Loot boxes declared gambling in parts of Europe

Loot boxes declared gambling in parts of Europe

Yesterday, the Belgian Gaming Commission announced their decision that the sale of loot boxes, an increasingly common feature in video games, is in violation of gambling legislation. Consequently, game publishers in Belgium must now remove all loot boxes which can be purchased for real money, or else be subject to a fine of €800,000 (£696,000) and up to five years in prison. Furthermore, the potential fine and prison sentence could be doubled if minors are able to purchase the loot boxes.

The decision follows a similar announcement from the Dutch gaming authority earlier this month, which stated that certain loot systems were found to be caught by the Betting and Gaming Act.

What are loot boxes?
Loot boxes are essentially a virtual goody bag which can either be earned through gameplay, purchased using in-game currency, or (crucially) real-world currency. The content is random, so the user doesn’t know what they will get when they buy it.

Loot boxes give gamers the chance to obtain equipment / characters / vehicles that they can use in the game, which they would have otherwise had to achieve through in-game accomplishments – i.e. for a price you can fast-track your way to greatness. Furthermore, sometimes the items you can get through the loot system have a real-world value – that is, they can be sold for real money.

The use of this type of system to generate rewards originated from massively multiplayer online role-playing games (MMORPG), and subsequently loot boxes began to feature in mobile games as a way for developers to generate revenue. However, more recently game developers have been criticised for their use of loot boxes in full-priced games, and the practice is viewed as being unfair to consumers.

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EA has come under fire for the use of loot boxes in Star Wars Battlefront II (Image: EA)

As a recent example, players of Star Wars Battlefield II had to earn in-game credits in order to unlock some of the special characters (such as Luke Skywalker and Darth Vader), but they were limited on how many credits they were allowed to earn per day. The restrictions put in place seemed to be encouraging users to purchase loot boxes to speed up the process, and thereby make more money for the game publisher. The move was understandably met with a massive amount of criticism, and the company made changes to the system as a result.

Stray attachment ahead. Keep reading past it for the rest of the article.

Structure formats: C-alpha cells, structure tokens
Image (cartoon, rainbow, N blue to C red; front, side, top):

What’s the problem?
Gambling is defined as playing games of chance for money. When you pay money for a loot box you don’t know what you are going to get, so if you are spending real money (as opposed to in-game currency) then you are essentially gambling. Since gambling is a controlled activity in many countries, loot boxes have been under scrutiny recently by the relevant regulatory bodies. So far loot boxes are regulated under gambling law in a number of countries (although not in the US or UK), and many more are currently looking in to the matter.

Gambling is regulated, which protects vulnerable people (such as children) from harm. Therefore, in countries where loot boxes are classified as a gambling activity, minors are protected.


Aside from the legal position of whether the practice is defined as gambling, loot boxes are increasingly viewed as being bad for the consumer. Traditionally, games allow users to earn rewards through achievement of goals, but being able to fast-track your way to good equipment by paying extra is viewed as unfair by those who actually work hard for their rewards. In many cases, gamers feel that loot boxes are trying to lure them into spending more money on the game.

From the publisher’s point of view, loot boxes are a great way to boost revenue, despite the negative press generated. Let’s hope that these recent rulings on loot boxes encourage game developers and publishers to make money in a more traditional way; by making a great game that people want to play and are happy to pay for.

Becky Cunningham
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